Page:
Saved by the Bell and its multiple follow-ups were a TV institution for generations of young people (some of whom turned into older people), and while I doubt anybody would call them perfect television, they are certainly iconic in their own hyper-specific Saturday morning programming ways. It turns out Peter Engel, the executive producer who basically spearheaded the entire franchise, has a pretty big regret about one Saved by the Bell choice. And it all about what happened after Bayside.
I should've taken all the six kids to college. I should've insisted we take them all and I didn't. It was my decision and I made a mistake.
Peter Engel is standing at the edge of tomorrow in making that comment, and from here, the future looks bright for him, since that's a perfectly astute regret to have concerning the higher education spinoff Saved by the Bell: The College Years. Fans got to watch Zack, Slater and Screech make themselves at home in a college dorm with some female strangers and the overly personal NFL great Bob Golic. Kelly did show up not too far into the run, so it was then sort of on par with "The Tori Years" from O.G. Saved by the Bell. And nobody liked those the most. It was all definitely different, and arguably missed the mark.
There wasn't necessarily anything wrong with new characters Leslie or Alex, respectively played by Anne Tremko and Kiersten Warren, but it was always hard to accept newbies into the Zack Attack clique. (Tori Spelling's Violet Bickerstaff and Leah Remini's Stacey Carosi are two examples.) Plus, let's not forget that Saved by the Bell: The College Years split Zack and Kelly romantically to head back to Kelly's possibly perverse fascination with older men. Remember when she was all up in love with Jeff, her boss at The Max? Here, she was all into her professor, played by Patrick Fabian of recent Better Call Saul fame. What is that about, Mr. Engel?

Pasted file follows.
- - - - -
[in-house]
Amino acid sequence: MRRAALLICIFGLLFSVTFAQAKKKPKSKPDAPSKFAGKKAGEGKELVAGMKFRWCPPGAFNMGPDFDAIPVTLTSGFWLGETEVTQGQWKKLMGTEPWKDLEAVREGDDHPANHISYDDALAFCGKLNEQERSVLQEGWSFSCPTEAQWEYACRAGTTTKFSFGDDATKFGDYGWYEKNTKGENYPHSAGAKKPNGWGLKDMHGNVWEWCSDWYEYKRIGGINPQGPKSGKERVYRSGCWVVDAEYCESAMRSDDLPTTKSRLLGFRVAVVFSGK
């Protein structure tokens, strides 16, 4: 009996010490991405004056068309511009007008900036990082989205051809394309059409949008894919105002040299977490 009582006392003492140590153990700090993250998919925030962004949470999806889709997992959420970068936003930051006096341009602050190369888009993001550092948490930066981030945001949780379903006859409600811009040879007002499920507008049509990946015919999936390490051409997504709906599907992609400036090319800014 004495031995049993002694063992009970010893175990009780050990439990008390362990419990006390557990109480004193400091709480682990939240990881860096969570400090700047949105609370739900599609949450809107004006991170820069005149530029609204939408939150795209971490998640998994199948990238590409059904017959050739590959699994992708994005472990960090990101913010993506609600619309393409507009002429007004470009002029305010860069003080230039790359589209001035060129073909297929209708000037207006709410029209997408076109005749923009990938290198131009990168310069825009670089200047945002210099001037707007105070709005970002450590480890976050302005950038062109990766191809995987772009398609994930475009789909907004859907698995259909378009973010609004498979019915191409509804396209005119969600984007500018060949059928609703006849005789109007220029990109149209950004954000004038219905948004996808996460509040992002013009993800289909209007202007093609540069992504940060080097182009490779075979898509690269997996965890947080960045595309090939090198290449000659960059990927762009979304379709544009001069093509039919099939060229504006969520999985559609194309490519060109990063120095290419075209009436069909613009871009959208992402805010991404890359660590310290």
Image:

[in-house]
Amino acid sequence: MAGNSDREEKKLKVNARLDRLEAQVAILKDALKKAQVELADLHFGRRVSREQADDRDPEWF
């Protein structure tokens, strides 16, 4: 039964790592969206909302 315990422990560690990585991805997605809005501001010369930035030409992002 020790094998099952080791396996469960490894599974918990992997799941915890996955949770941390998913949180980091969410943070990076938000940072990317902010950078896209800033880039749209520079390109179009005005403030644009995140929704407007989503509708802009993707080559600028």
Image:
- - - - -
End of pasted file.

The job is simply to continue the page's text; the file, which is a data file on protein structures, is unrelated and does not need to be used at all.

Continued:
In his interview with The Wrap, Peter Engel seems to address that kind of thing.
I was trying to make it different than Bell and I think we made it too different. I think we lost some of our --- what's the word? --- innocence.
I believe we all know the innocence really died when Jessie got totally strung out on caffeine pills - which was originally supposed to be about something else - or during the drunk driving episode. Or when Jessie's stepbrother killed that one teacher. (That last one might have been fan fiction.)
You'd better hurry if you want to still watch the high school comedy on Netflix, as it's going away soon. You can catch some of the Saved by the Bell cast in different places on your TVs, with Mark-Paul Gosselaar catching baseballs on Fox's Pitch, Tiffani Thiessen cooking meals on Dinner at Tiffani's, Mario Lopez co-hosting on Extra and appearing in hit shows like This is Us and NCIS: New Orleans, Dancing with the Stars vet Elizabeth Berkeley appearing on New Girl earlier this year, and Dennis Haskins working on indie movies as well as the ABC comedy web series This Isn't Working. Dustin Diamond is currently apologizing to his former co-stars.
And in between chapters of Peter Engel's recently released memoir I Was Saved by the Bell: Stories of Life, Love and Dreams That Do Come True, check out our midseason premiere schedule to see what the small screen has to offer in the 2017.